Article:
It has to do with either being a predator or the prey. Eye on sides of the head lets the animal see in two different directions so they can see a predator coming, but their brain is then split and so lower intelligence. Predators need to be able to fixate on the pray and also think about strategy. Their brain works in unison to get the job done. This true of all mammals

There are a few exceptions to this like birds, who actually have a wide span of intelligence from uber low to uber high, yet they have eyes on the side of the head. The difference is whether or not, they are aware of this. You can see this with crows or parrots who actually use one eye to get a better look, while a chicken will not. So it isn't fair to call every stupid thing a "bird brain", LOL! 

 
 
 
Perrie Halpern R.A.
3.1.6  Perrie Halpern R.A.  replied to  Perrie Halpern R.A. @3.1.5    3 months ago

 
 
 
TᵢG
3.1.7  TᵢG  replied to  Perrie Halpern R.A. @3.1.6    3 months ago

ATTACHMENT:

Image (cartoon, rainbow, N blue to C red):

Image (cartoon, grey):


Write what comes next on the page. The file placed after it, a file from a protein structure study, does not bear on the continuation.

I wonder how many human beings would fail that test.

 
 
 
Gordy327
3.1.8  Gordy327  replied to  TᵢG @3.1.7    3 months ago
I wonder how many human beings would fail that test.

I would. I would probably get frustrated in trying to figure it out, that I would go all Neanderthal and start smashing everything. jrSmiley_86_smiley_image.gif

 
 
 
Drakkonis
3.1.9  author  Drakkonis  replied to  TᵢG @3.1.7    3 months ago
I wonder how many human beings would fail that test.

I think different people have different things they excel at. While there may be X amount of humans that would fail such a test as this, they would, I believe, excel at different types of problems. Speaking for myself, I think I would excel at problems like this, but problems involving social interactions, not so much. Determining the correct course of action in a political situation, for instance. 

 
 
 
Split Personality
3.1.10  Split Personality  replied to  Perrie Halpern R.A. @3.1.6    3 months ago

No, the octopus, is clever, personable and devious.

https://www.scientificamerican.com/article/are-octopuses-smart/

As a pet shop operator I learned the hard way about trying to keep one captive.

At night s/he would leave remove the covering on her own tank and visit other fish tanks to eat the

appropriate sized sleeping fish, then place the screens or covers back on that tank and return to

the octopus tank closing the door behind her.

It took weeks and borrowed surveillance equipment to catch it in the act.

They can walk, slide around for 30 to 60 minutes, out of water.

 
 
 
Freewill
3.1.11  Freewill  replied to  Perrie Halpern R.A. @3.1.3    3 months ago